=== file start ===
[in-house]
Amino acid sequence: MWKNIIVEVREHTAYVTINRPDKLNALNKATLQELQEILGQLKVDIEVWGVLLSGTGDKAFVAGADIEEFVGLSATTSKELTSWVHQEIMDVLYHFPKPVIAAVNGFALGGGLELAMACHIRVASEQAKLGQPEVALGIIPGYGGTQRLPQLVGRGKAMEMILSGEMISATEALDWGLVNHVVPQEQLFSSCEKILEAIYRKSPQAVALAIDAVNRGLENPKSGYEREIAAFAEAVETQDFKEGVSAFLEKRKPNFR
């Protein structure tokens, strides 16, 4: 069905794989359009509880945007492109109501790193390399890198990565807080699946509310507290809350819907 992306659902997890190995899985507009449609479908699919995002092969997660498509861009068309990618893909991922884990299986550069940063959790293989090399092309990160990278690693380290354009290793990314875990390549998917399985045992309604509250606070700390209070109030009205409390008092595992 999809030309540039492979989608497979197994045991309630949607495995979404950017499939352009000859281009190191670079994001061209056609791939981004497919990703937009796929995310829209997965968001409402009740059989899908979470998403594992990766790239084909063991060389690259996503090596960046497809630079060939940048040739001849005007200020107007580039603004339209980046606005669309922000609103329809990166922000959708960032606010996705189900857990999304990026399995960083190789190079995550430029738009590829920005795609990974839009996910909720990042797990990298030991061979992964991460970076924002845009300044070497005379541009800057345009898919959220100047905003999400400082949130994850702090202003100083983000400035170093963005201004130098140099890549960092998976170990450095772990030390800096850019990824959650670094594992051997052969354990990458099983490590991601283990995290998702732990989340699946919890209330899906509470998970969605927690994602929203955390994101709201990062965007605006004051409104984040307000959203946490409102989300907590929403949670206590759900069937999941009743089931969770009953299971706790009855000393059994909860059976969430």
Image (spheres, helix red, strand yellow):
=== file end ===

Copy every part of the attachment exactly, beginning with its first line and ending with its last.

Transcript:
[in-house]
Amino acid sequence: MWKNIIVEVREHTAYVTINRPDKLNALNKATLQELQEILGQLKVDIEVWGVLLSGTGDKAFVAGADIEEFVGLSATTSKELTSWVHQEIMDVLYHFPKPVIAAVNGFALGGGLELAMACHIRVASEQAKLGQPEVALGIIPGYGGTQRLPQLVGRGKAMEMILSGEMISATEALDWGLVNHVVPQEQLFSSCEKILEAIYRKSPQAVALAIDAVNRGLENPKSGYEREIAAFAEAVETQDFKEGVSAFLEKRKPNFR
């Protein structure tokens, strides 16, 4: 069905794989359009509880945007492109109501790193390399890198990565807080699946509310507290809350819907 992306659902997890190995899985507009449609479908699919995002092969997660498509861009068309990618893909991922884990299986550069940063959790293989090399092309990160990278690693380290354009290793990314875990390549998917399985045992309604509250606070700390209070109030009205409390008092595992 999809030309540039492979989608497979197994045991309630949607495995979404950017499939352009000859281009190191670079994001061209056609791939981004497919990703937009796929995310829209997965968001409402009740059989899908979470998403594992990766790239084909063991060389690259996503090596960046497809630079060939940048040739001849005007200020107007580039603004339209980046606005669309922000609103329809990166922000959708960032606010996705189900857990999304990026399995960083190789190079995550430029738009590829920005795609990974839009996910909720990042797990990298030991061979992964991460970076924002845009300044070497005379541009800057345009898919959220100047905003999400400082949130994850702090202003100083983000400035170093963005201004130098140099890549960092998976170990450095772990030390800096850019990824959650670094594992051997052969354990990458099983490590991601283990995290998702732990989340699946919890209330899906509470998970969605927690994602929203955390994101709201990062965007605006004051409104984040307000959203946490409102989300907590929403949670206590759900069937999941009743089931969770009953299971706790009855000393059994909860059976969430």
Image (spheres, helix red, strand yellow):